Posts about the ART BIZ:

HITLER | Aug. 19–Elected President and Führer

Hitler Feigns Respect for President von Hindenburg,
who dies later that day (August 2, 1934).
Already appointed Chancellor of Germany, Adolf Hitler on this day in 1934 is elected President. Holding both offices, he no longer had any constraint and Hitler's dictatorship was in place.

How Hitler Became Chancellor

Since Germany was a strong democracy in the 1920s and marginalized Hitler, it is worth dissecting the steps by which the democracy was given up:
  • Hitler had already exploited the loss of German face under the Treaty of Versailles. Now he used the Crash of 1929 as a means for further attacking the Weimar Republic for failing to protect the German people from the Crash and subsequent Depression. Hitler won financial backing from business leaders, to whom Nazis leaders promised to break the German labor unions. 
  • The crisis of capitalism created an opportunity for Hitler to appeal to the public for a better deal. In 1930 Hitler's support jumped to 18 percent of the German vote, six million votes, making the Nazis Germany's second-largest party. 
  • In 1932, an anti-Nazi coalition tried to make sure that the Nazis lost votes in the election contest for President of Germany between Paul von Hindenburg (84) and Hitler.  But the Nazi share grew to 37 percent. Although von Hindenburg was reelected, he was afraid of the growth of the Nazis.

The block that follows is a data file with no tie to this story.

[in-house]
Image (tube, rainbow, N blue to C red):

• In January 1933, von Hindenburg–although he despised Adolf Hitler–sought to control Hitler by appointing him as Germany's Chancellor.
How Hitler Became President as Well, and Führer

Hitler was the now chief executive of Germany, but was subject to the President, to whom the Germany Army reported. This constraint on his actions irritated Hitler and he went about eliminating it: 
  • In February 1933, the burning of the Reichstag building, where the parliament met, gave Hitler the opportunity to call for another election. This time Nazi police under Hermann Göring intimidated Nazi opponents. But even so, the Nazis and their allies won only a bare majority.
  • Later in 1933, Hitler consolidated his dictatorial power through the Enabling Acts. He started arresting and executing political opponents, and even purged the Nazis’ own SA paramilitary organization in a successful effort to win support from the German army. 
  • August 2, 1934. Hitler visited President von Hindenburg to pay his respects.  A few hours later, von Hindenburg died. 
  • After von Hindenburg's death, Hitler purged the Nazi Brown Shirts, his own storm troopers.
  • On August 9, 1934, a plebiscite vote was held on August 19. Intimidation, admiration of job growth under Hitler, and fear of Communists, brought Hitler a 90 percent majority. Hitler decided to unite the chancellorship and presidency under the new title of Führer. He now controlled the army. His dictatorship was solidly in place.